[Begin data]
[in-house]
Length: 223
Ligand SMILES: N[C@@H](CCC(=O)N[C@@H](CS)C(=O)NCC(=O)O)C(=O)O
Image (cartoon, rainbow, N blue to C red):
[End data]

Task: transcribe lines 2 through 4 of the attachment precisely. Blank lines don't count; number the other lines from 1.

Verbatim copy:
Length: 223
Ligand SMILES: N[C@@H](CCC(=O)N[C@@H](CS)C(=O)NCC(=O)O)C(=O)O
Image (cartoon, rainbow, N blue to C red):